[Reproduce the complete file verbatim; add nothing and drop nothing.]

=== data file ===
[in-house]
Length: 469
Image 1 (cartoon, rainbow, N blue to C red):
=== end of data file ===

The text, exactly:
[in-house]
Length: 469
Image 1 (cartoon, rainbow, N blue to C red):